WILDSTORY follows an “inside-out” storytelling philosophy when helping businesses create their stories. The old way of building a business was to figure out what you were trying to sell, identify your customers and who they were, then build your company based on that information.
When building your story, you have to start with yourself. Building a solid understanding of yourself and your business will help shape what you offer to people. Once your story is out for people to hear, your customers will begin identifying with you. By telling customers who you are, it tells them who they are.
Your customers want to feel like they matter and search for things that validate who they are as a person. When your brand tells the story of who you are and your customers align with that, and not just with the features of your product, you have reached the best possible level of customer awareness.
At the same time, some customers might decide that they don’t align with your story, and that’s okay. When you communicate your brand’s backstory, values, and vision, a customer might think, “You’re not for me.” Ultimately, by planting your flag and explaining who you are as a business, you are forcing the customer to choose to buy from you or not. Those who step away might not ever turn into a sale, but the customers who do align with your story are likely to return again and again.
[bctt tweet=”By telling customers who you are, it tells them who they are.” username=”kylethegray”]
The Story Framework
If you’re first starting out on the journey to creating the story of your business, there’s a simple framework you can follow that helps compile all your parts and communicate to customers who you are. The trick here is to be authentic and introspective—ask yourself questions that help shape your brand. Start at the bottom and build up, with each part informing and shaping the next:
Backstory: Your backstory is everything your business has been, right up to today. What is the defining moment that kick-started your business? What problem were you trying to solve and what led you there? Defining your backstory will build your customer’s trust and let them know what you are all about. Your backstory will change over time, so you’ll need to keep your story fluid to make sense for your roots.
- Belief and values: What does your business stand for? Dig deep and list out the non-negotiables in your life and the things you are unwilling to give up. Also, take a look at your calendar—how we spend our time often informs us of what we value.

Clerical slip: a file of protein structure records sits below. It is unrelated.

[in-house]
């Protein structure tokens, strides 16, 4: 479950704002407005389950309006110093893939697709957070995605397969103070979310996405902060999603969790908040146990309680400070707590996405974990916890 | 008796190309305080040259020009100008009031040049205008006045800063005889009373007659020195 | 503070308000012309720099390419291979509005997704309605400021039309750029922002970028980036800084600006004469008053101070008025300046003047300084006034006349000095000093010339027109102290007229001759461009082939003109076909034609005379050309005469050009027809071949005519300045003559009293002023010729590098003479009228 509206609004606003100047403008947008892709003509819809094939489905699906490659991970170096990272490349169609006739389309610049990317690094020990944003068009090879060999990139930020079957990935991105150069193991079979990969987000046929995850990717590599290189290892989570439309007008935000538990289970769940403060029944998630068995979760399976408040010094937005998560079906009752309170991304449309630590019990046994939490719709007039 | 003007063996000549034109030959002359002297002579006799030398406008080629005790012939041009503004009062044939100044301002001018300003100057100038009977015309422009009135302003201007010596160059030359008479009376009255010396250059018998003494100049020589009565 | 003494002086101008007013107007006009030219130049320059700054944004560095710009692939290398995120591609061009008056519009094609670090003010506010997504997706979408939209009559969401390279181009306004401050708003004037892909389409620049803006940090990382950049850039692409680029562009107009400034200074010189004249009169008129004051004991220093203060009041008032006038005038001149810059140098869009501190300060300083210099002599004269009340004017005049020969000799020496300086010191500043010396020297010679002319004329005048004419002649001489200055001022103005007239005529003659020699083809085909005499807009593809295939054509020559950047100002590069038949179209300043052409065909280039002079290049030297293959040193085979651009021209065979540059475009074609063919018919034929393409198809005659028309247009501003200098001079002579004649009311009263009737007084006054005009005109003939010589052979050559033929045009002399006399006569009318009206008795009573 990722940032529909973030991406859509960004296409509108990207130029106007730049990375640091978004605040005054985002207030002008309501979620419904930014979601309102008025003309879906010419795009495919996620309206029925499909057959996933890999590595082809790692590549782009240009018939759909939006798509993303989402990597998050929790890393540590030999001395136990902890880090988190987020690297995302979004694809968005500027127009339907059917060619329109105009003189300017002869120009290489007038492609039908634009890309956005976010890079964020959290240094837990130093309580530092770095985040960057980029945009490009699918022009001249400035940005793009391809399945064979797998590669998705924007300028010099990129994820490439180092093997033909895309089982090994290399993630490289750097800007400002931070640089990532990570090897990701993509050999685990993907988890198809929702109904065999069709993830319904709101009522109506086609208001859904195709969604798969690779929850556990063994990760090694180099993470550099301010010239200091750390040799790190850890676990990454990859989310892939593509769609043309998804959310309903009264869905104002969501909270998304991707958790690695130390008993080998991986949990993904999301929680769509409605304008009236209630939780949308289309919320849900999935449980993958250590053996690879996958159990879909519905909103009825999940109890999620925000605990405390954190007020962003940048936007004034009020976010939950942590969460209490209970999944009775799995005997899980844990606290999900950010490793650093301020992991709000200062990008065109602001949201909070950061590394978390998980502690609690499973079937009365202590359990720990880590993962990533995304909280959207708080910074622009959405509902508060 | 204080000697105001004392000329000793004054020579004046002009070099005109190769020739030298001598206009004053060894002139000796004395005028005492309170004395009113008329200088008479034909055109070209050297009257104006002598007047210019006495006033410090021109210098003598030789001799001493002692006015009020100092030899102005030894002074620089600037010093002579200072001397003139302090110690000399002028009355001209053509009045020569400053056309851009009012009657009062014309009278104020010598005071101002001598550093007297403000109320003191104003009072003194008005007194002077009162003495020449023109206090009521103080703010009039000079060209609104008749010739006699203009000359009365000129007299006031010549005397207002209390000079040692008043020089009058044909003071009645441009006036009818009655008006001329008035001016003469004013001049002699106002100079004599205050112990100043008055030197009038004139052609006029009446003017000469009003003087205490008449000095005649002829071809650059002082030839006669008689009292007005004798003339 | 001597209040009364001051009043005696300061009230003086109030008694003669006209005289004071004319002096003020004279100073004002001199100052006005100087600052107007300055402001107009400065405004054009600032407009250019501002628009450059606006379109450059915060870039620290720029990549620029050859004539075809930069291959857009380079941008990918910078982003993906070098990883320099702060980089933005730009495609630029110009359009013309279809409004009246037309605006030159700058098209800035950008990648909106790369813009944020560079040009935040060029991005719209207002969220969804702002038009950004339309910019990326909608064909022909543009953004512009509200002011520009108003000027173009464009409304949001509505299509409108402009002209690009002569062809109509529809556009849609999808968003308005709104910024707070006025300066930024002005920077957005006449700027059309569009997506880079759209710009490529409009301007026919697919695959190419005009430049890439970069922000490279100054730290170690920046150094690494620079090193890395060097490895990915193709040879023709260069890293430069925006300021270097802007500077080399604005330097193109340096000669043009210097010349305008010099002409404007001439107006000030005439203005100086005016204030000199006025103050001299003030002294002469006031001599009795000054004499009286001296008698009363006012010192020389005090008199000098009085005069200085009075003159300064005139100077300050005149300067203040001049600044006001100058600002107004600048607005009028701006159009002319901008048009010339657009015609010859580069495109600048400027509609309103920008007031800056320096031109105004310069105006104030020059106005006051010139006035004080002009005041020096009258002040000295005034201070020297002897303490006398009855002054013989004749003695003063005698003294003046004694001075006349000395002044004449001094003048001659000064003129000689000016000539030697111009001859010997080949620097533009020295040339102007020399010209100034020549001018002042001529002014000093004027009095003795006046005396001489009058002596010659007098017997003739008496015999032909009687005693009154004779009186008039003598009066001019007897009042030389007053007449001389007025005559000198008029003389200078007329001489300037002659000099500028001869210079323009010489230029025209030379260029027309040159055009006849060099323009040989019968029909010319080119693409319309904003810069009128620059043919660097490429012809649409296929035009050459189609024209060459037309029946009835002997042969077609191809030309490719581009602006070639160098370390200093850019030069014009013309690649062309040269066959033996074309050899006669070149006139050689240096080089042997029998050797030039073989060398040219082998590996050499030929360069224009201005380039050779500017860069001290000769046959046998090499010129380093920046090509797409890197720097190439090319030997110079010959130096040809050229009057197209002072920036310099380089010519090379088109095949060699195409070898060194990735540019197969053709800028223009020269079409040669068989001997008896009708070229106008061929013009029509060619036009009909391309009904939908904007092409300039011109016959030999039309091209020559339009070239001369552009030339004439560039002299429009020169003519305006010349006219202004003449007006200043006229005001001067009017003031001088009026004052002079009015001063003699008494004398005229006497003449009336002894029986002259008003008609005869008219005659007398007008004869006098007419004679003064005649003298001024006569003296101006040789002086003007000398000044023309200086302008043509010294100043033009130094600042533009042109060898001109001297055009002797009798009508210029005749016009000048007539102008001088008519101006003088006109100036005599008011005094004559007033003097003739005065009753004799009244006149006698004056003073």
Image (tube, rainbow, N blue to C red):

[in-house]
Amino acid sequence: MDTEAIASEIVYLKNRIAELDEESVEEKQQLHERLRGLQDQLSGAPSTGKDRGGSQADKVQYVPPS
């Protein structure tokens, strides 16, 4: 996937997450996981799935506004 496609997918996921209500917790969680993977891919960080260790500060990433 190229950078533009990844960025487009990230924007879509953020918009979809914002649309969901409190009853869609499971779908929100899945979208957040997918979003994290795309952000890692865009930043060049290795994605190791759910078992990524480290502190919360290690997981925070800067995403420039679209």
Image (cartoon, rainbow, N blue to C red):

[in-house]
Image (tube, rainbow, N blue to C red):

- Purpose: What is driving your decisions in the business? Your purpose might end up being a single sentence. Ask yourself, “Why am I doing what I’m doing?”
- Wild vision: You’ll need to look to the future to find your vision, or where you want to take your business. How do you see the world as it relates to your business and products? People buy a strong vision. For example, the stock market is strong, but it’s based on future projections, not on reality.
Once you understand these four things—your backstory, values, purpose, and vision—you’ll have your business operations strategy: who you serve and why. Next, you’ll need to create a story stack or strategy for maintaining your story within every aspect of your business. Every touchpoint—whether it is on social media, your website, within the office, your paid advertisements or even the holiday party—should be calibrated to your story and return to the core value or promise your company stands for.
If these touchpoints don’t match up and instead pull in different directions, they won’t be believable. Your customers won’t trust your story. This happens a lot in firms of all sizes; a team might work on a project and present it to the founder, but the founder doesn’t like it. When the team asks why neither party can quite articulate why it’s wrong. This happens because the company doesn’t share the same interpretation of its story. However, when you have your story firmly in place, particularly in the early stages of the business, it will help your company grow and scale appropriately.
Your Story Will Change And Flow
As your company grows and changes, so will your story. Your job will be to make sure it changes appropriately and shifts to stay relevant to your business’s values. If you’re not careful, you can lose control of your own story.